THE ART OF THE LOGO

art of logo

In heavy metal, a band's logo is more than a font: it's a full-blown identity. "You can look at the logos and know what the band sounds like without ever hearing them," says Karlynn Holland, an illustrator and sculptor who's created spindly logos for Krallice and Dysrhythmia, among others. "You'll know if it's a black-metal band or a death-metal band or grindcore or punk, just from the way the logo looks."

So when she's creating a new logo, Holland's first step is to grill the band on their influences: " 'Who do you listen to?' 'What is it you're going for?' And then I also ask them, like, 'What are your favorite TV shows?' You know, give me all the information." She'll also iterate: when working on the Krallice logo, "We messed around with a couple versions of it where I gave it more fuzz or let it drip or tried to expand it in some way. But it was sort of unanimously agreed that the bone work, if you will, the basic structure of it, just stood on its own in this way."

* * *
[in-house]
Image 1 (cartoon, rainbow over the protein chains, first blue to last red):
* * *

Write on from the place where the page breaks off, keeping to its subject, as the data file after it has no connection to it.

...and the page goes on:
The end goal is to embed as much metadata, as it were, into the logo, because Holland knows it's often a fan's first impression. "I really think of the logos the same way I think of portraits. They're specific, and individual, and they have identifying characteristics. If you train your eye, you don't just see that this is a grindcore band, you know a little bit more than that. Like it's a grindcore band, and also they probably listened to a ton of hardcore when they were kids."

MORE ART FROM THIS EXHIBIT: "We Still See the Black," at New Art Center 

We Still See the Black, September 15–October 14 at New Art Center, 61 Washington Park, Newtonville.

Follow Carly Carioli on Twitter @carlycarioli.

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